"Mission: Impossible -- Ghost Protocol," the fourth installment in the action franchise, grossed $46.2 million over the holiday period beginning Friday and ending Monday, according to an estimate from distributor Paramount Pictures. The movie -- budgeted at about $145 million -- debuted in limited release 11 days ago and has since racked up an impressive total of $78.6 million in ticket sales.
Warner Bros.' "Sherlock Holmes: A Game of Shadows," which opened last weekend, claimed the No. 2 spot. The $125-million production collected a soft $31.8 million over the long weekend, bringing its overall tally to $90.6 million. Twentieth Century Fox's $80-million "Alvin and the Chipmunks: Chipwrecked," which has also been in theaters for two weeks, came in with a disappointing $20 million. Both movies were expected to be big winners over the Christmas holiday, but each is so far lagging significantly behind their franchise predecessors in ticket sales.
David Fincher's highly anticipated "The Girl With the Dragon Tattoo" -- based on the first book in a trilogy of novels by Swedish author Stieg Larsson -- did decent business. The Sony Pictures movie opened Tuesday night, but grossed $19.4 million over the holiday weekend, raising its overall total to $27.7 million. The R-rated film had a budget of about $100 million, according to an individual close to the production, though a Sony spokesperson said the cost was $90 million.
Two new films directed by Steven Spielberg debuted to mixed results.
"The Adventures of Tintin," a 3-D animated family movie adapted from a popular Belgian comic book, did not prove exceptionally popular with American audiences. Although the film has been a hit overseas, so far collecting over $240 million abroad, it only grossed $16.1 million domestically this long weekend. Since opening on Wednesday, "Tintin," which cost Paramount and Sony between $150 million and $175 million to make, has sold $24.1 million worth of tickets. Paramount, which is releasing the film in the U.S. and Canada, is hopeful that the movie will follow in the footsteps of last Christmas' "Yogi Bear." That family flick ultimately grossed over $100 million domestically.
Meanwhile, Spielberg's epic "War Horse" fared better, debuting on Sunday and grossing $15 million in sales over two days. The film attracted an older audience, 31% of whom were over the age of 50. Those who saw the $70-million DreamWorks production liked it, assigning it an average grade of A-, according to market research firm CinemaScore.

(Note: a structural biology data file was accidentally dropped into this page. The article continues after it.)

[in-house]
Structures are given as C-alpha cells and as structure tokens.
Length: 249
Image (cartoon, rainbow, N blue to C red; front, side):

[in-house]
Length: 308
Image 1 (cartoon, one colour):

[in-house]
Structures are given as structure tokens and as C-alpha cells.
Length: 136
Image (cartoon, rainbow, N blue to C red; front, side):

Cameron Crowe's "We Bought a Zoo" earned an even better grade -- an A -- but moviegoers did not show up in as large numbers to see the family drama. The movie starring Matt Damon and Scarlett Johansson, which cost Fox about $50 million to produce, opened on Friday and grossed $15.6 million through Monday. The film also appealed to an older demographic, as 59% of the crowd was age 25 or above, while 58% overall was female.
Of all the movies that opened over Christmas, the horror film "The Darkest Hour" was the least expensive, costing co-financiers Summit Entertainment and New Regency about $30 million to produce. That's good news, because it only grossed a weak $5.5 million over Sunday and Monday, and received a dismal C+ CinemaScore.
[Updated 1:45 p.m., Dec. 26: The "Mission: Impossible" sequel continued to soar overseas, grossing an additional $43 million from 45 foreign countries. The movie performed best in Korea and China, where it was No. 1 for the second weekend in a row. The film has now made about $24 million in each country respectively. Overall, the movie already has an international tally of $140 million. The third film in the franchise raked in over $260 million abroad in 2006, and it seems likely that the new fourth installment will far exceed that figure.
Here are the top 10 movies in the U.S. and Canada, based on their four-day grosses with exceptions as noted. Percentage drops are based on three-day grosses. International grosses are through Sunday only.